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SMTHToday’s post is the 1st of a 5-part series, “Making Peace with Mortality,” by Dr. Margaret Peterson, associate professor of theology at Eastern University.

Peterson’s Ph.D. is in theology and ethics from Duke University. She received her first education in end-of-life care twenty years ago, as her first husband was living with and then dying of AIDS. She chronicled that experience in a memoir, Sing Me to Heaven: The Story of a Marriage.

Her second husband and former faculty colleague, Dr. Dwight N. Peterson, with whom she is the author of Are You Waiting for “The One”? Cultivating Realistic, Positive Expectations for Christian Marriage, has been in failing health for some years and entered hospice care (at home) in July of 2012. Peterson blogs daily about their end of life experience at


Medicare recently announced its intention to reimburse doctors for time spent talking with patients about their wishes for medical treatment near the end of life.

This plan was hailed by leaders of prominent medical organizations as an acknowledgement that advance care planning is an essential element of the practice of medicine.

The plan is opposed by the National Right to Life Committee, on the grounds (as stated by a NRLC spokesperson) that “there is pervasive bias against treatment that is occurring in advance care planning that involves nudging individuals to reject lifesaving treatment.”

Let’s step back for a moment and think about what is going on here.

“Advance care planning” means conversations between patients, families and physicians about the kinds of medical treatment that a person wishes to have as his or her life draws to a close.

It involves asking questions like:

  • “Are you more worried about getting too much treatment, or more worried about getting too little treatment?”
  • “Do you want to have as little pain as possible toward the end, even if this means you might not be fully conscious, or do you want to be as fully aware as possible toward the end, even if this means you may be in pain?”
  • “Is it more important to you to have every medical effort made to keep you alive as long as possible, even if this means dying in intensive care or on a ventilator, or is it more important to you to be in a less medicalized setting, like your home, receiving care intended to make you as comfortable as possible?”

As things stand now, Medicare does not reimburse doctors for having conversations like thisMKP with patients. Medicare pays doctors for doing things to care for patients, but not for talking with patients about the patient’s goals and values and how these might inform decisions about how to care for the patient.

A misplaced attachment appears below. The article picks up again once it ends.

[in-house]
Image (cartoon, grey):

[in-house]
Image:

It’s like paying a lawyer to draw up a trust or will or contract, but not paying the lawyer to talk with the client about what the client’s goals and values are, and what kind of trust or will or contract might express the client’s values and help achieve the client’s goals.

In the absence of such conversation, even the best lawyer would be able to provide only the most generic service, and the client’s goals would likely not be accomplished.

So also with medical care. If the doctor isn’t paid to talk with the patient, the doctor is going to go with the default option, whatever that might be.

Which brings us to the objection of the National Right to Life Committee. The objection of the NRLC is that if doctors are paid to talk with patients about patients’ wishes for the end of life, those conversations may result in patients opting to reject “lifesaving treatment.”

So better not to talk about it. If end of life conversations don’t happen, then patients will get the default option, which is “lifesaving treatment.”

What could be wrong with this?

Lots, as it turns out. “Lifesaving treatment” at the end of life can mean medical treatments that increase suffering while resulting in no benefit to the patient.

Take CPR, for example. In elderly persons with multiple chronic health conditions, CPR is not a benign intervention (meaning something that won’t hurt and might help). On the contrary: in this population CPR is virtually guaranteed to result in a range of serious and painful injuries, and has a success rate approaching zero.

And yet, if patients don’t specifically opt out, CPR is what they get. “I would be doing the CPR with tears coming down sometimes, and saying, ‘I’m sorry, I’m sorry, goodbye,” says one doctor of clinical experiences early in her career. “It just seemed like a terrible way to end someone’s life.”

Why is the default option in end of life care so brutal? And why is it that people who think of themselves as being “pro-life” are too often the most vocal advocates for such brutality?

Tomorrow: How does the language we use to describe the experiences of illness and of dying fuel the brutality of so much end-of-life treatment?


Pete Enns, Ph.D.

Peter Enns (Ph.D., Harvard University) is Abram S. Clemens professor of biblical studies at Eastern University in St. Davids, Pennsylvania. He has written numerous books, including The Bible Tells Me So, The Sin of Certainty, and How the Bible Actually Works. Tweets at @peteenns.